An ambitious launch (or relaunch) of a genre magazine is always welcome, as far as I'm concerned. And with IDW's relaunch of Famous Monsters of Filmland – which created the market niche that would later be populated with Cinefantastique, SFX, Starlog, and more – we get ... I'm not quite certain what.
Famous Monsters of Filmland's 251st issue is also ambitious in its pricing. The cover price is $12.95. Not only that, there are four variant covers; do they really think someone's going to pay $26 or $39 or even $52 for multiple copies of this?
Now, I'm actually a proponent of magazines charging higher cover prices, if it frees them from a corrosive addiction to advertising-fed revenues. The key is providing enough quality content in the magazine to make it worthwhile. That shouldn't be difficult; people gladly pay $9 or $10 to see a two-hour movie; they'll pay twice that to buy it on blu-ray. But a really good magazine can provide many hours of enjoyment, and they can be priced that way.
But the writing has to be good, intriguing, and original. Plus, the design should be pleasing, including the use of excellent illustrations and photos.
I don't mind the $12.95 cover price of this magazine; as a quarterly publication, it's not going to drain anyone's wallets very quickly (well, unless they're drunk and they're buying all four variant covers, which they'll be able to sell on eBay for $5.00 each). My problem with Famous Monsters #251 is that it's just not intriguing. Too much space is given over to self-infatuation; I mean, 26 pages of people remembering Forrest J. Ackerman? Look, this has nothing to do with respect for the man. I've heard lots about him, I've read interviews with him, and I've read articles by him. He was a towering figure in genre publishing, and he sounds, truly, like a prince of a man. But to devote one-fifth of a magazine to memorials for him is a waste. Give us instead six pages or, if you must, 10; but Forry's memorial is the magazine itself, which inspired generations of young genre film fans (some of whom went on to become genre professionals).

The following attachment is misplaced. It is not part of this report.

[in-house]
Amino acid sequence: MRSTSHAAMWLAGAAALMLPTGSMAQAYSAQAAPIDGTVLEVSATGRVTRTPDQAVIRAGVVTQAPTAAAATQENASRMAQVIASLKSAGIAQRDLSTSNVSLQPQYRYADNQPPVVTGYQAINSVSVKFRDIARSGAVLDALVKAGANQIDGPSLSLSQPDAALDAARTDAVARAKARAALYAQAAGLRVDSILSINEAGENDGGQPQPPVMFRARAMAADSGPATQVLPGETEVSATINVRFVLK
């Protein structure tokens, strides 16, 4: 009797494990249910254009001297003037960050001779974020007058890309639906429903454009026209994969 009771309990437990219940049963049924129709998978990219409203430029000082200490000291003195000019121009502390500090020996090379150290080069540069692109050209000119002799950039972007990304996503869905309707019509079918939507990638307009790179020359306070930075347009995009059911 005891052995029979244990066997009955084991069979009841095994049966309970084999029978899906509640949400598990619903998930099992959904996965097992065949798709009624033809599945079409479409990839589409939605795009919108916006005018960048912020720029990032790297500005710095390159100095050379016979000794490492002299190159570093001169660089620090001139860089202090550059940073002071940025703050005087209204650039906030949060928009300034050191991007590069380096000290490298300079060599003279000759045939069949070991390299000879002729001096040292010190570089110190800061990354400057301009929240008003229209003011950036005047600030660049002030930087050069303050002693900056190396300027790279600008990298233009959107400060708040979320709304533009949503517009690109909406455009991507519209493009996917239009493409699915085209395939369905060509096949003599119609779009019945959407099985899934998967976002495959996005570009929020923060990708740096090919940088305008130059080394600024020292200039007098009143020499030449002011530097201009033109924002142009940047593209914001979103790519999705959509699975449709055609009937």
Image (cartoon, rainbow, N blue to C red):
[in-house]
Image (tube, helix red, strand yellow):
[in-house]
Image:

The rest of the magazine is very uneven. It's always a great idea to interview Ray Bradbury, and the inclusion of a new short story by him is a nice touch. But throw in a few current-movie previews, profiles, and what must be the weirdest photo/ad layout in human history, and you get a magazine that doesn't have a definition, even as quirky.
And that's all before we get to the design. There's nobody in the staffbox listed as designer or art director, so I feel a bit better about criticizing this. But the page layouts are simply ghastly. The text is all in paragraphs separated by a blank line, with no indentations at the beginnings of the paragraphs. Yes, like this and every other blog. We do it on blogs because we are forced to by the HTML gods, who abuse us so. But magazines should not look like amateur web productions. And – remember the $12.95 price tag – we're paying for a deluxe product here, and we're not getting it. Add to all of this the heavy-handed use of dark patterned backgrounds on many of the pages, and you get articles that are not easy to read, not pleasant to look at, and don't look like they were assembled with care and skill.
I wish I could write nicer things about this product, but let's stick with my comments about high prices. Paying $12.95 means I also expect it to deliver. If it were a $3.50 or $4.95 magazine with 88 pages, and only one article in the magazine was worthwhile, I wouldn't feel disappointed. That's what keeps GQ and Esquire publishing, after all. And granted, I was never an FM reader (as readers of this blog know, I was always more of a Starlog and Fangoria reader), but that doesn't mean I'm not open-minded about the publication. But it's got to meet me halfway.
I'll still look forward to how this magazine evolves. First issues are often over-produced or beset with problems as the machinery gets up and running. And there's certainly room for competition in the genre magazine marketplace. But for now, this is a vanity magazine that needs to sharpen its act.